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dc.creatorWerner, Cynthia
dc.date.accessioned2015-06-05T18:44:20Z
dc.date.available2015-06-05T18:44:20Z
dc.date.issued2009
dc.identifier.citationJournal of the Royal Anthropological Institute 15:314-331en_US
dc.identifier.urihttp://hdl.handle.net/1969.1/154306
dc.description.abstractThe apparent revival of non-consensual bride abduction in Kazakhstan and Kyrgyzstan is somewhat surprising seventy years after the Soviet state banned the practice and introduced sweeping legislation to emancipate women. This article relies on local discourses of shame and tradition to explain changing marriage practices and to mark a shift towards greater patriarchy in post-Soviet Central Asia. Discourses of shame are mobilized by local actors in support of the popular view that a woman should ‘stay’ after being abducted. Women can and do resist abductions, but they risk dealing with the burden of shame. Further, in Kyrgyzstan, where bride abduction is increasingly re-imagined as a national tradition, women and activists who challenge this practice can be viewed as traitors to their ethnicity. In post-Soviet society, these discourses of shame and tradition have helped men assert further control over female mobility and female sexuality.en_US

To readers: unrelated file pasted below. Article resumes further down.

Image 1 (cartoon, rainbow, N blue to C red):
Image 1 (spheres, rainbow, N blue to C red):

dc.publisherJournal of the Royal Anthropological Instituteen_US
dc.rightsCC0 1.0 Universal*
dc.rights.urihttp://creativecommons.org/publicdomain/zero/1.0/*
dc.subjectKazakhs, Kazakhstan, marriage, bride kidnapping, Central Asiaen_US
dc.titleBride Abduction in Post-Soviet Central Asia: Marking a Shift Towards Patriarchy through Local Discourses of Shame and Traditionen_US
dc.typeArticleen_US
local.departmentAnthropologyen_US


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CC0 1.0 Universal
Except where otherwise noted, this item's license is described as CC0 1.0 Universal